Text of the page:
But there is a more specific type of love that won in that Supreme Court decision, and that is a form of love that places marriage on a pedestal.
As Justice Kennedy’s decision puts it, “no union is more profound than marriage for it embodies the highest ideals of love, fidelity, devotion, sacrifice and family.” By ruling in favor of equal marriage, same sex couples are no longer “condemned to live in loneliness.”
It is difficult not to be moved by Justice Kennedy’s beautifully written prose. However, its characterization of marriage calls for some skepticism.
When matrimony is described as the “most profound” manifestation of the “highest ideal of love” that gives couples “fulfilment in the highest meaning,” I get the impression that other life choices are not as meaningful as the ones that have been legitimized by the state. Where, I wonder, does this leave couples unmarried by choice, sequential monogamists, single parents and consciously uncoupled individuals?
To what extent did love really win if married love is viewed as more superior than other relationship possibilities?
Part of the issue, I reckon, has to do with the primacy societies place on “couple culture.”
Even though there are now a variety of ways to organize the lives of families, friends and romantic partners, the ideal of long-term, monogamous, cohabiting, legally-sanctioned romantic partnerships remains powerful. It is therefore not surprising that individuals who do not follow conventions on coupledom are asked, often in a nagging tone, “Why are you not married?” and “Why are you single?” as if these are profoundly problematic choices to make.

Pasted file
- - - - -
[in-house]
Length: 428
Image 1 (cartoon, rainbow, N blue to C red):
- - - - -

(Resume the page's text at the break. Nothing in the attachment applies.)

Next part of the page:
Marriage, on the other hand, has been uncritically celebrated—rarely are married couples asked, “why are you un-single?” That the Philippines is the only country in the world without divorce has been a badge of honor for some, as if staying in unhappy marriages for the sake of forever does not condemn one to live in loneliness.
Clearly, there are good reasons why marriage continues to be regarded as one of the keystones of social order. The trouble, however, begins when couple culture is overly privileged such that unconventional life choices are considered of lesser status.